To conclude from this that he would approve of destroying so-called "spare" embryos created through in-vitro fertilization, one would have to determine not simply that he had doubts as to whether these embryos were human beings, but that he was positive that they were not. Anyone who thinks this sounds plausible ought to consider his 1988 declaration of Sanctity of Human Life Day, which he signed to protest Roe v. Wade, a week before the fifteenth anniversary of that fatal ruling.

When the Gipper proclaims and declares, people should listen

"I ... do hereby proclaim and declare the unalienable personhood of every American from the moment of conception until natural death," he wrote. People might differ as to whether "conception" refers to fertilization, or to the implantation of the embryo in the womb. Even if we assume, however, that he meant the latter, he would still be referring to an embryo the same age as the ones being destroyed for research.

There's no way he would believe that one days-old embryo is a person, but that another identical one is not, based on their respective environments. Oh, sure, that's the position Sen. Hatch takes ("Life begins in a mother's womb, not in a refrigerator."), but everyone knows that Ronald Reagan did not embody that quality euphemistically known in politics as "nuance."

Underscoring his certainty, Reagan wrote in his essay, "The real question today is not when human life begins, but, What is the value of human life?" [italics in original]. That doesn't sound like he's leaving open the possibility that quasi-human microscopic missing links might be made available for experimentation. His warning continues a few pages later: "Obviously, some influential people want to deny that every human life has intrinsic, sacred worth. They insist that a member of the human race must have certain qualities before they accord him or her the status as a 'human being'." So much for any hopes of persuading him with the "just cells" argument.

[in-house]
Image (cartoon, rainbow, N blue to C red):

Some say that killing human embryos while trying to cure diseases is the true "pro-life" position, because it could potentially save many more lives than it would destroy. President Reagan would not agree. "I am convinced that Americans do not want to play God with the value of human life," he wrote. "It is not for us to decide who is worthy to live and who is not." Those are not the words of a man who would want his own death to serve as a catalyst for the taxpayer-funded slaughter of human embryos.

To the contrary, he continued to write that, "The sanctity of human life is a principle that Congress should proclaim at every opportunity." If those 58 senators petitioning President Bush disagree, then the least they can do to pay respect to the late President Reagan is to stop invoking his name while promoting a policy in diametric opposition to his own wishes.

In concluding Abortion and the Conscience of a Nation, President Reagan promised, "My administration is dedicated to the preservation of America as a free land, and there is no cause more important for preserving freedom than affirming the transcendent right to life of all human beings, the right without which no other rights have any meaning."

There is no plausible way anybody can read Reagan's words and think there's any chance he would support embryonic stem cell research. To begin funding the killing of human embryos as a way of honoring Ronald Reagan makes about as much sense as constructing a monument to Abraham Lincoln using slave labor.

Presumably, Mr. Lincoln's family, his former staff, and his congressional allies would find his opinion on the matter to be relevant.